Saturday, 29 September 2012

The Google Classroom: Planning a Course

The Planning Process

Very few teachers would want to walk into a room and be presented with a title and expect to teach for an hour.  We adopted a process orientated approach that is measurable against specific outcomes.  With this in mind the approach I am going to adopt is one of measurable outcomes both for the student and the planner.  I have had a lot experience of this approach to working.

In 1998 when I first joined a Middle School Suffolk a as newly qualified teacher with QTS (a level attained after a year of being a PGCE qualified teacher on most UK career tracks) having already gained a BSc in Botany, MSc in Crop Protection and worked as a Postgraduate Researcher in Fertiliser Technologies and sometime agricultural lecturer.   I took over the running of the science department and later added ICT to the responsibilities.  Two major departments in the scheme of producing effective learners.   

Within a few weeks of taking over we were Inspected by Ofsted and were put into special measures having already been given a notice to improve.  In the next few years (2 and a half seemed like longer) we had quarterly visits from HMIs (Her Majesty's Inspectors) who take over from where Ofsted leave off having  put a school into special measures.  Twelve years later I left this post as they shut Middle Schools in my part of Suffolk to move to a two tier system.

In that time I have seen many changes in what is looked on  as effective teaching and trained a few PGCE students. One of whom I met in another school in Cambridgeshire, where I spent some time teaching secondary as a supply or substitute teacher as per my original science expertise.  Thus my experience spans age groups 9 to 18, to adult.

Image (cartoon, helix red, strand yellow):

Primarily I am going to cover course building using Google Course builder from an educator of 9 to 18 year olds point of view.  Adult courses I will also cover but a little later.  So, the topic.  A universal topic for all science labs, Design technology and  IT use is safety.   I recently  renewed Safeguarding Training and was struck by amount of new legislation related to IT that was brought in in 2010.  However, the 1974 Safety at Work Act still applies (even in Schools) so  some of the legislations key points in child friendly terms are pertinent  especially as we are training them for the work force.   Good habits start early! 

So having rambled on about my professional provenance, does you good sometimes to identify achievements, to the planning process.  I mentioned in one of the last blogs the suggested standard of a Google Certified Course as opposed to a Google certified teacher, not so much an endorsement but a recognition that certain steps have been gone through to produce the course.  A bit like the Investors in People accreditation in the UK,  a record of the good processes being in place but not necessarily a record of  successful outcome of the good practice.

Wiki pages produced by  Google suggest some good practice so I am going to use this as the frame work for the common process with adding layers on top.   One of the  major assessments attached to online courses is the record of time spent on the course.      As mentioned in a previous blog there is a National Framework for Qualifications in the UK as well as in Europe.  More relevant to time spent on a course is the   European Credit Transfer and Accumulation System (ECTS).   A new innovation in Suffolk is the Suffolk Baccalaureate which a little controversially has been compared to new Ebacc proposed by Michael Gove.  Therefore as a change in the ground rules for qualifications is taking place any course produced has to be working to certain common international  standards to  have longevity.  This is possibly something the Google Teaching Community could look at.  While that discussion is initiated I will take on board to start with as I mentioned the Google planning framework.

So will be putting some "style pages" up for sharing based on the process outline on the Wiki Pages


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